EDINBURG — Hidalgo County will implement a shuttle system to help courthouse visitors avoid a three-block trek in triple-digit heat when construction crews begin work on the new facility, which will result in the loss of about 300 prime parking spaces located in the courthouse square.

County leaders are confident Hidalgo County owns enough property near the courthouse to compensate for the parking spaces it will lose as a result of the placement of the new building and the permanent closure of a portion of Closner Boulevard. And parking is especially important as they prepare to break ground on the new facility Sept 4.

Jonathan Almanza, the intra-governmental affairs director for Hidalgo County, presented the findings of a utilization study the county commissioned in February and a parking study provided by Jacobs Project Management in April to commissioners this week.

“We realized that we needed to (find out) what our utilization was, whether or not county-owned properties could compensate for the loss of 300 parking spots, and to come up with a parking plan to meet the needs and for the convenience of the public,” Almanza said.

The county used drones for a week in February to survey the parking lots in and around the area, gauging the parking situation at 8:30 a.m. and then again at 3:30 p.m. each day, Almanza said.

“What the numbers showed was that at any given time — even our peak area — the surrounding lots had, at minimum, 300 parking spaces available,” he said, adding that the total number of combined spaces throughout the various lots was approximately 1,085.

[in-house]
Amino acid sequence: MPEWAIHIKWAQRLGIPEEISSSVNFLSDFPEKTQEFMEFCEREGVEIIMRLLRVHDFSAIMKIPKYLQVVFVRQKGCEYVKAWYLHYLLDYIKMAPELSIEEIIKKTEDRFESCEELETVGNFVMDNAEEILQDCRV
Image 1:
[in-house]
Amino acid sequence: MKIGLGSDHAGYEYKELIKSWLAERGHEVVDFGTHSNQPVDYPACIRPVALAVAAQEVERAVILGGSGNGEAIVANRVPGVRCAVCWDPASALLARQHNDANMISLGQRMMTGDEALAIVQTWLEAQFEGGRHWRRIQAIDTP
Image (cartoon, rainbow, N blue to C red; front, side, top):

The studies also found that peak usage time landed on the first Tuesday of every month at about 8:30 a.m.

“And the reason for that is we have our tax foreclosure sales on one block north of the courthouse; we also have commissioners court that day; we also have jury summons that morning,” Almanza explained. “So Tuesday mornings were our peak time and at that time we still had 340 parking spaces available in surrounding lots.”

The county owns about eight parking lots that range in distance, with the furthest one from the courthouse about three blocks away, Almanza said.

“Right now it’s at a first-come, first-served basis,” he said about available spaces. “If we kept that plan, jurors and members of the public would have to take the farthest parking spots on every single day because obviously employees get here first.”

So in order to solve that issue, he suggested the county prioritize parking. Visitors and the general public would be allowed to park in the courthouse square, while jurors would be directed to two of the nearest lots. Those two lots would be designated solely for jurors on Mondays and Tuesdays, the days in which the court typically summons them.

“These will be secured lots by security for jurors-only access,” Almanza said.

On any given Monday, about 200 jurors visit the courthouse in the morning, while another 200 visit in the afternoon, Almanza said. On Tuesdays, another 200 visit in the morning.

“We also realize we live in a very hot area and our constituents, the public and our employees aren’t used to walking in 110-degree weather — even though our parking is within three blocks,” he said. “So what we looked at was creating a shuttle system.”

The county is working on a partnership with Valley Metro to provide a two-shuttle system. The air-conditioned vehicles would make at least three stops along the route dedicated solely to the courthouse and the courthouse annex.

“No one would wait at the bus stop for longer than five minutes,” Almanza said.

A federal grant is going to cover 80 percent of the purchase price of the two trolleys and 50 percent of the yearly service and maintenance costs, he added.

County leaders will also launch a public awareness campaign in both English and Spanish via radio, TV, newspaper and social media to help constituents navigate the area. Parking instructions and a map will also be included in juror summons beginning this month.

nlopez@themonitor.com